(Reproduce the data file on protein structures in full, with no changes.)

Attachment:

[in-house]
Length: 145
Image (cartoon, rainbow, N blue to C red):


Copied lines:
[in-house]
Length: 145
Image (cartoon, rainbow, N blue to C red):